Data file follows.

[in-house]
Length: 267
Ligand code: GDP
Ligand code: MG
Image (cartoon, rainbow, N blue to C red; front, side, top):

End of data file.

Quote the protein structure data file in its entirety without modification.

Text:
[in-house]
Length: 267
Ligand code: GDP
Ligand code: MG
Image (cartoon, rainbow, N blue to C red; front, side, top):